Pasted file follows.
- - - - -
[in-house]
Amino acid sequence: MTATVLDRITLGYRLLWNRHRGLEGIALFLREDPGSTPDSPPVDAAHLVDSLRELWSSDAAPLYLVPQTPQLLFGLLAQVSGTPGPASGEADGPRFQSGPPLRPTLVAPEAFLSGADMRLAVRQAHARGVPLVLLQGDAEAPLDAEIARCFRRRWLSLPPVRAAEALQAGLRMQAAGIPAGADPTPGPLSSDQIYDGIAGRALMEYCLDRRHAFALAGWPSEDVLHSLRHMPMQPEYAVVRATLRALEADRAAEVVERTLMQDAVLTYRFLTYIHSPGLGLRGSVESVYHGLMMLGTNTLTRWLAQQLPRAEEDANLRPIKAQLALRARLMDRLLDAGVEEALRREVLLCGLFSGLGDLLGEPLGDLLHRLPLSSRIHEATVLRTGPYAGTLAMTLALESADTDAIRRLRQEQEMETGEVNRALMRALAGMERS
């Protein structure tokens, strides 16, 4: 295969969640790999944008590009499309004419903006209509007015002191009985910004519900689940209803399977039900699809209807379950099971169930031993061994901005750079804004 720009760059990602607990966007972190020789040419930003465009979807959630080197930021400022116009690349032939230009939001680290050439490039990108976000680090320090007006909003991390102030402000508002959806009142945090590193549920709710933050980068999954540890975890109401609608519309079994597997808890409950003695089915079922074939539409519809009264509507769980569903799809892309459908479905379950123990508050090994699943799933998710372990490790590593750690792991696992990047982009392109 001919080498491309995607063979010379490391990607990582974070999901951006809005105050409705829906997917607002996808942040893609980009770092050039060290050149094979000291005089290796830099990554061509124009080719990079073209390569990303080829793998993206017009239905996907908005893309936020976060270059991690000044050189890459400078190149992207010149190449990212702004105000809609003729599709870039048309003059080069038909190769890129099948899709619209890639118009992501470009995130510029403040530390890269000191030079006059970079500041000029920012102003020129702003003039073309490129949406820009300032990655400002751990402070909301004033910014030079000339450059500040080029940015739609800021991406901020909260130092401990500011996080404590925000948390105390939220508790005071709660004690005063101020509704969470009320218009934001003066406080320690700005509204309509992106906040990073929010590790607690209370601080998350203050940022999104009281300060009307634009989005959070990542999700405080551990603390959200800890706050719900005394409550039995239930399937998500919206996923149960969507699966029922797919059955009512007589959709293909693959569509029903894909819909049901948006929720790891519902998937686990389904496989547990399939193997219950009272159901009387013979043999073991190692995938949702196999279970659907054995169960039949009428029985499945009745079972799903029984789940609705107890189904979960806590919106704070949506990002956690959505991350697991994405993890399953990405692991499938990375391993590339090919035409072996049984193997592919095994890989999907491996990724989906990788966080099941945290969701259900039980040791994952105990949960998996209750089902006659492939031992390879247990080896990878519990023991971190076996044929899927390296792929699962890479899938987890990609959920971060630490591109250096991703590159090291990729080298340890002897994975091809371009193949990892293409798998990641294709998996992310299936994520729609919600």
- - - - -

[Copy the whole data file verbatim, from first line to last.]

[in-house]
Amino acid sequence: MTATVLDRITLGYRLLWNRHRGLEGIALFLREDPGSTPDSPPVDAAHLVDSLRELWSSDAAPLYLVPQTPQLLFGLLAQVSGTPGPASGEADGPRFQSGPPLRPTLVAPEAFLSGADMRLAVRQAHARGVPLVLLQGDAEAPLDAEIARCFRRRWLSLPPVRAAEALQAGLRMQAAGIPAGADPTPGPLSSDQIYDGIAGRALMEYCLDRRHAFALAGWPSEDVLHSLRHMPMQPEYAVVRATLRALEADRAAEVVERTLMQDAVLTYRFLTYIHSPGLGLRGSVESVYHGLMMLGTNTLTRWLAQQLPRAEEDANLRPIKAQLALRARLMDRLLDAGVEEALRREVLLCGLFSGLGDLLGEPLGDLLHRLPLSSRIHEATVLRTGPYAGTLAMTLALESADTDAIRRLRQEQEMETGEVNRALMRALAGMERS
């Protein structure tokens, strides 16, 4: 295969969640790999944008590009499309004419903006209509007015002191009985910004519900689940209803399977039900699809209807379950099971169930031993061994901005750079804004 720009760059990602607990966007972190020789040419930003465009979807959630080197930021400022116009690349032939230009939001680290050439490039990108976000680090320090007006909003991390102030402000508002959806009142945090590193549920709710933050980068999954540890975890109401609608519309079994597997808890409950003695089915079922074939539409519809009264509507769980569903799809892309459908479905379950123990508050090994699943799933998710372990490790590593750690792991696992990047982009392109 001919080498491309995607063979010379490391990607990582974070999901951006809005105050409705829906997917607002996808942040893609980009770092050039060290050149094979000291005089290796830099990554061509124009080719990079073209390569990303080829793998993206017009239905996907908005893309936020976060270059991690000044050189890459400078190149992207010149190449990212702004105000809609003729599709870039048309003059080069038909190769890129099948899709619209890639118009992501470009995130510029403040530390890269000191030079006059970079500041000029920012102003020129702003003039073309490129949406820009300032990655400002751990402070909301004033910014030079000339450059500040080029940015739609800021991406901020909260130092401990500011996080404590925000948390105390939220508790005071709660004690005063101020509704969470009320218009934001003066406080320690700005509204309509992106906040990073929010590790607690209370601080998350203050940022999104009281300060009307634009989005959070990542999700405080551990603390959200800890706050719900005394409550039995239930399937998500919206996923149960969507699966029922797919059955009512007589959709293909693959569509029903894909819909049901948006929720790891519902998937686990389904496989547990399939193997219950009272159901009387013979043999073991190692995938949702196999279970659907054995169960039949009428029985499945009745079972799903029984789940609705107890189904979960806590919106704070949506990002956690959505991350697991994405993890399953990405692991499938990375391993590339090919035409072996049984193997592919095994890989999907491996990724989906990788966080099941945290969701259900039980040791994952105990949960998996209750089902006659492939031992390879247990080896990878519990023991971190076996044929899927390296792929699962890479899938987890990609959920971060630490591109250096991703590159090291990729080298340890002897994975091809371009193949990892293409798998990641294709998996992310299936994520729609919600």